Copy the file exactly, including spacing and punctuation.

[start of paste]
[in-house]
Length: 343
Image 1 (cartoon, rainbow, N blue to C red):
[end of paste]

[in-house]
Length: 343
Image 1 (cartoon, rainbow, N blue to C red):